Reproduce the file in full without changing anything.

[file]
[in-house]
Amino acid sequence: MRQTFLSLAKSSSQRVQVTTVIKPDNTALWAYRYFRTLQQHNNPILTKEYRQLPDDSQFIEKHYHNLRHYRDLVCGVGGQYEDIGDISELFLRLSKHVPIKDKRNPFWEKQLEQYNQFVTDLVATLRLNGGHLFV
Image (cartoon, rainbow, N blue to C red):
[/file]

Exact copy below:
[in-house]
Amino acid sequence: MRQTFLSLAKSSSQRVQVTTVIKPDNTALWAYRYFRTLQQHNNPILTKEYRQLPDDSQFIEKHYHNLRHYRDLVCGVGGQYEDIGDISELFLRLSKHVPIKDKRNPFWEKQLEQYNQFVTDLVATLRLNGGHLFV
Image (cartoon, rainbow, N blue to C red):